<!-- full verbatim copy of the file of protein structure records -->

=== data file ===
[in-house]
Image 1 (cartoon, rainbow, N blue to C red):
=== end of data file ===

[in-house]
Image 1 (cartoon, rainbow, N blue to C red):